This blog is very much about highlighting the need for action on pavement parking issues in the UK, however the Google alert I have set up for ‘pavement parking’ has been throwing up various article about a saga playing out in Ha Noi, Vietnam at present.

The current situation was summed up by one recent visitor who said: ‘Hanoi has great pavements, but they are useless as they are full of motorbikes‘ and the newspaper article announcing the ban this February explains: ‘The ban was brought in to try and ease traffic chaos and create more rooms for pedestrians, who are forced to climb over vehicles or walk on the roads to avoid parked vehicles‘.

When reading the article it becomes clear that there is also a well developed system of charging people to use these pavement ‘parking lots’: ‘One worker named Huong at a parking lot run by Hanh Ly Trading and Service Co Ltd in Nguyen Xi Street told the Viet Nam News she knew about the ban, but the local authority had issued no notices. Le Ngoc Anh, a resident in the Old Quarter’s Hang Chieu Street, said the ban should be carried out immediately as parking lots in the Old Quarters usually occupied all the pavements and encroached on the roads.

I like the way the article goes on to talk about people driving ‘huge slow cars’ with one occupant: ‘Ha Noi is home to about 3.8 millions of motorbikes and almost 400,000 huge, slow moving cars that often carried a single passenger. Among them, about 184,000 cars and 2.3 millions motorbikes are operating in inner city.‘ The population of the Metropolitan Area is 6.5 million so over half of the population appear to have a motorbike and under 10% have a car.

However…. there was clearly been a bit of a political backlash, and Vietnam News reported today that the ban is to be ‘eased’ stating that ‘Ha Noi has approved a Transport Department proposal to lift the ban on parking by all vehicles on the pavements of some streets in the inner city to meet the overwhelming demand for parking spaces‘. The article then explains that any parking: ‘would have to meet requirements including leaving at least 1.5 metres for pedestrians and not blocking the entire pavement‘. The 1.5 m bit sounds sensible, however if that is the case then why the need to say ‘not blocking the entire pavement‘ in the same sentence? Is there already an acceptance that the 1.5 meters is not going to be met?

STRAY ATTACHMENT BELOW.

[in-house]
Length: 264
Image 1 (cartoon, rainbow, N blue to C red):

In other parts of the city, however. there are moves to impose a ban on parking: ‘The HCM City People’s Committee has asked authorities in districts to take drastic measures to stop pavements being used for parking as well as for commercial purposes. Nguyen Trung Tin, deputy chairman of the city’s People’s Committee, said that districts should strictly impose fines so that pavements could remain clear. He asked that the city to revoke the licences of shops that used pavements for parking vehicles. “Each district had to impose a deadline for pavement clearance and ensure that deadlines were met,” Tin said.’

Finally, here are a couple of youtube clips of traffic in the city, not for the faint-hearted, but it seems to function in a crazy sort of way! You can see how the pavements are completely blocked by motorbikes at one point in the first video.

Think pedestrian, especially when it snows!

5 Feb

Ipswich hospital did an excellent job clearing snow from its service roads today, but unfortunately failed to clear its pavements effectively, which is a shame, given the considerable workload that slips on snow and ice create for the NHS.

Some of their pavements had been dressed with salt but there was then too much snow for that and the paths were soon covered in slush and will probably freeze solid tonight. It’s a good job that emergency services are just round the corner! All of the following pictures were taken on busy routes on hospital grounds.

‘Critical care this way’, but no effort to clear the path to it.

Road cleared, path covered in slushy snow, now freezing

Nice pedestrian crossing, road cleared of ice, path has not been.

For anyone who is still in doubt, residents are encouraged to clear pavements and business owners are at risk of prosecution if they fail to clear snow effectively. The ‘Occupiers’ Liability Act 1957’ states that a business must “take such care as in all the circumstances of the case is reasonable to see that the visitor will be reasonably safe in using the premises for the purposes for which he is invited or permitted by the occupier to be there“. (Section 2.2) Lots of occurrences of the term ‘reasonable’, but personally I think it is reasonable to expect a large hospital with thousands of staff and visitors arriving each day to take a bit more care to keep their primary pedestrian routes clear of snow and ice. It would certainly set a good example for others to follow if nothing else!